Are you a person with good organization and administration skills? When a disaster team hits the ground, the team is eager to get on with the mission of the first medical clinics, assisting with construction or counseling. In the administrative function you will help organize for water purification, food procurement, and meal preparation. The team members for serving the camp, the Aide-de-camp (ADC) and lay persons are focused on coordinating all the responsibilities necessary to keep the team healthy. These roles are the most important ones on the team. Often these people have unique opportunities to be ambassadors between the team and those the team serves.
Are you a counselor or a pastor? It is crucial that crisis counseling occur as soon as possible post-disaster. We provide group and one-on-one counseling for men and women. We provide onsite seminars in practical crisis counseling for pastors, elders, and deacons of affected areas and provide the counseling tools for them to minister to their communities.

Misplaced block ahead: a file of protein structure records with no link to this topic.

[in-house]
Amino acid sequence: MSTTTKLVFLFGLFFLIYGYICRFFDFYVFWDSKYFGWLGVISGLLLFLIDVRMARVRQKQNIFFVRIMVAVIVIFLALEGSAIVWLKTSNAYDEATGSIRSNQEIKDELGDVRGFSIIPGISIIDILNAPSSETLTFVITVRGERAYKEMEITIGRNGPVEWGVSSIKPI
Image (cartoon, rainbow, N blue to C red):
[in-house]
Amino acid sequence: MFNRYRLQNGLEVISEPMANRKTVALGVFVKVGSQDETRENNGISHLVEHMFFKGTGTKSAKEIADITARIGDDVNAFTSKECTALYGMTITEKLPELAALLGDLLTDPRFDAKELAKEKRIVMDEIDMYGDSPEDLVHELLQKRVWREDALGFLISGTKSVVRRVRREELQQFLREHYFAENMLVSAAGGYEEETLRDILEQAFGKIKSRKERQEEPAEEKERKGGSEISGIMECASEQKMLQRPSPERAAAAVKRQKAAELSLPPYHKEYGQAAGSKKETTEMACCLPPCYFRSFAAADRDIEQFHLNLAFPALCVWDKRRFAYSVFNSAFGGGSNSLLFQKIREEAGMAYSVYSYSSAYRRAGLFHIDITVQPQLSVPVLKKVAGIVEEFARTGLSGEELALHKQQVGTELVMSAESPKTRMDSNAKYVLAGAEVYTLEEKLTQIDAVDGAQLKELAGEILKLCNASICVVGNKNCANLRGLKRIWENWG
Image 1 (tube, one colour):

Are you a TECCH (technician, engineer, contractor/construction, handyman)? We need hands-on tradesmen and professionals to fulfill vital roles during a disaster. Roles include assessing, constructing, and maintaining our relief camps, revitalizing damaged structures, and building new disaster-resistant homes and community buildings. We need gearheads to support our ground vehicles and geeks to keep our communication equipment operating smoothly. These specialties place you in the position to provide expertise that supports our work in the field and opens doorways for sharing the gospel message.
Here's an update on the plans we have moving forward in the wake of Hurricane Matthew.
Two years after Typhoon Haiyan hit the Philippines, Hereos Church has a new building, a new name, and a renewed faith.
Latest update: In response to the recent wave of refugees, missionaries throughout Europe are finding new opportunities to serve.
Funds received by MTW as part of a disaster response appeal are used for relief and recovery, construction, travel for response teams, and related needs as well as for longer-term rebuilding and church planting. Exceptionally, when there are unspent funds, they will be used in future disaster and compassion situations.